Urban students lead the charge in the Stop AAPI Hate Youth Campaign


Activism is “acting on empathy…giving voice to those that are marginalized, those that are often disenfranchised,” says Cassie Eng, co-leader of the Asian/Pacific Islander (API) affinity space at Urban.

On June 15th, 2020, 90 interns and 12 coordinators logged on to a Zoom call and awaited instructions on future projects which would soon come to be known as the Stop AAPI Hate Youth Campaign. Over the course of six to eight weeks, students were tasked with four major projects: they proposed social media campaigns, collected nearly 1,000 incidents of hate towards Asian American youth, created policy reports based on the stories of hate they collected to highlight trends in their data and finally advised schools on how to update and develop their curriculums to include classes like ethnic studies.

API invited Dr. Russell Jeung, chair of Stop AAPI (Asian American and Pacific Islander) Hate and professor of Asian American Studies at San Francisco State, this past spring on May 31st, 2020 to share how COVID-19 has affected Asian Americans. During his presentation, Dr. Jeung noted and explained the reasoning behind the increase in racial incidents against Asian Americans since the beginning of the pandemic. It was the immediate interest Urban students showed in bringing more awareness to stopping AAPI discrimination that initiated the Stop AAPI Hate Youth Campaign.

Caroline Wu, ‘22, a summer intern at Stop AAPI Hate, said “I was in awe of how many people were so passionate about showing up at 10 am on Mondays and Wednesdays throughout their summer,” to work together and show “spirit for helping others in a time when they themselves might even be hurting during the pandemic.”

While working to bring light to a challenging topic, interns received encouragement from a number of well-known celebrities like Bowen Yang, Tzi Ma and Maulik Navin Pancholy. Eng said bringing in guest speakers and AAPI role models “who [are] actually invested in our movement, in stopping AAPI hate,” reminded her that “they’re not just really cool celebrities but they’re also the celebrities that are actually using their platform and being those activists.” The interns’ hard work resulted in recognition from the superintendent of schools in California who reached out, inquiring guidance from the youth campaign. Soon after on Thursday, September 17th, 2020, the campaign issued a press release of their work.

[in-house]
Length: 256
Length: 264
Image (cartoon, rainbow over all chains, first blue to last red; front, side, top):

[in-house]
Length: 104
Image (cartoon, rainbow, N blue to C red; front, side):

Generation Z has been born and immersed in a time of rapid technological development which Dr. Jeung believes has shaped the forms of activism youth are participating in. “Every generation actually has been active in their own ways, given their own sort of political context. I think this generation has been mobilized through social media,” said Dr. Jeung.

While online activism has certainly been around, COVID-19 has forcibly pushed a number of organizations, such as Stop AAPI Hate, virtual. The ease of logging onto a computer has benefitted the turn out of organizations like Stop AAPI Hate that have gained participants across the nation. “It’s a lot easier to get people in one place because you can just access it from your home, your bedroom,” said Eng.

The virtual platform of activism has provided students an opportunity to take a stance on issues that they believe in and spread awareness of injustices, all while managing their schoolwork. “I’ve been able to join different coalitions, whose meetings I usually wouldn’t be able to make it to because of the commute and timing,” said Gracie Veiga, ‘21, a summer intern at Stop AAPI Hate.

Over the summer each intern gathered around 11 stories, collectively reporting 990 incidents of hate towards Asian American youth. After completing data analysis of these reports they put these numbers into words through a number of policy reports and workshop concepts.

“People often think [activism] has to be a huge sweeping gesture in order for it to make a difference,” said Eng, but as evidenced by the creation of the Stop AAPI Hate Youth Campaign, “small things go a long way.”